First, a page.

The new European Commission is proposing a Digital Services Act, starting with a public consultation in early 2020. This will include a review of the ECommerce Directive liability shields.
On 12 September 2018 the European Commission published a Proposal for a Regulation on preventing the dissemination of terrorist content online. This followed its September 2017 Communication on Tackling Illegal Content Online and March 2018 Recommendation on Measures to Effectively Tackle Illegal Content Online. It is notable for proposing one hour takedown response times and for the ability for Member States to derogate from the ECommerce Directive Article 15 prohibition on imposing general monitoring obligations on conduits, caches and hosts. Discussions on the proposed Regulation continue.
Cross-border liability and jurisdiction
Discussions continue on a Second Protocol to the Cybercrime Convention, on evidence in the cloud.
State surveillance of communications
The UK’s Investigatory Powers Act 2016 (IP Act), has come into force, including amendments following the Watson/Tele2 decision of the CJEU. The government has said that it will introduce ‘thematic’ certification by the Secretary of State of requests to examine bulk secondary data of individuals believed to be within the British Islands.
A pending reference to the CJEU from the Investigatory Powers Tribunal in litigation brought by Privacy International (Case C-623/17) raises questions as to whether the Watson decision applies to national security, and if so how; whether mandatorily retained data have to be held within the EU; and whether those whose data have been accessed have to be notified.
Liberty has a pending judicial review of the IP Act bulk powers and data retention powers. It has been granted permission to appeal to the Court of Appeal on the question whether the data retention powers constitute illegitimate generalised and indiscriminate retention. Other aspects (including bulk powers) are stayed pending the Privacy International reference to the CJEU or (a challenge based on the Human Rights Act) were refused by the Divisional Court.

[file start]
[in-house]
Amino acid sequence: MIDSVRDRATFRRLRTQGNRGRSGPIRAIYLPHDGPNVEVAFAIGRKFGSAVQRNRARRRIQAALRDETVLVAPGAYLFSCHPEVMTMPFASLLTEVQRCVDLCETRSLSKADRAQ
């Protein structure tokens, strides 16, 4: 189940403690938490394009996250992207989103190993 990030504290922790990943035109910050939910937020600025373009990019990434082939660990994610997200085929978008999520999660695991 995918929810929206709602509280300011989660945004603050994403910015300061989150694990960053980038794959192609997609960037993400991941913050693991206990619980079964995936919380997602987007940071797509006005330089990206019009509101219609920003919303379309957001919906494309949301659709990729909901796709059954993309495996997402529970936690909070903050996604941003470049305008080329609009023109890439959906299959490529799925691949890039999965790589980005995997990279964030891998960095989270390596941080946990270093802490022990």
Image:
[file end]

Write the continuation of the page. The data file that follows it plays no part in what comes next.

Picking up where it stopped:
The IP Act (in particular the bulk powers provisions) may be indirectly affected by other cases pending in the CJEU: Schrems 2 (C-311/18), challenges by La Quadrature de la Net to the EU-US PrivacyShield (T-738/16) and to the French data communications data retention regime (C-511/18 and C-512/18), and a challenge to the Belgian communications data retention regime (C-520/18); in the European Court of Human Rights (in which Big Brother Watch and various other NGOs challenge the existing RIPA bulk interception regime) and by a pending domestic judicial review by Privacy International of an Investigatory Powers Tribunal decision on equipment interference powers.
The ECtHR gave a Chamber judgment in the BBW case on 13 September 2018. That and the Swedish Rattvisa case were subsequently referred to the ECtHR Grand Chamber and are awaiting judgment. If the BBW Chamber judgment had become final it could have affected the IP Act in as many as three separate ways.
In the Privacy International equipment interference case, the Supreme Court held on 15 May 2019 that the IPT decision was susceptible of judicial review. The litigation will now continue.
Compliance of the UK’s surveillance laws with EU Charter fundamental rights will be a factor in any data protection adequacy decision that is sought once the UK becomes a non-EU third country post-Brexit.
Here is an updated mindmap of challenges to the UK surveillance regime:
Software – goods or services?
Judgment is awaited from the UK Supreme Court as to whether software supplied electronically as a download and not on any tangible medium is goods for the purposes of the Commercial Agents Regulations (Computer Associates (UK) Ltd v The Software Incubator Ltd).
This post originally appeared on the Cyberleagle blog and is reproduced with permission and thanks.